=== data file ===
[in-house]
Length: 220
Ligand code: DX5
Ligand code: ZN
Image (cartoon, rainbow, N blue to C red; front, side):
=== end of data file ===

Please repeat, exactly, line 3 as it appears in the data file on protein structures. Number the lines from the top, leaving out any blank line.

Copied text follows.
Ligand code: DX5